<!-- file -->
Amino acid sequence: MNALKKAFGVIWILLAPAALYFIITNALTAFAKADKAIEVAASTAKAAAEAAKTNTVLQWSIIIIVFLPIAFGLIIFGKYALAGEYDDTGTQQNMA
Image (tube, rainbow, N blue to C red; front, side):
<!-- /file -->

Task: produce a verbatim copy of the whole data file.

Amino acid sequence: MNALKKAFGVIWILLAPAALYFIITNALTAFAKADKAIEVAASTAKAAAEAAKTNTVLQWSIIIIVFLPIAFGLIIFGKYALAGEYDDTGTQQNMA
Image (tube, rainbow, N blue to C red; front, side):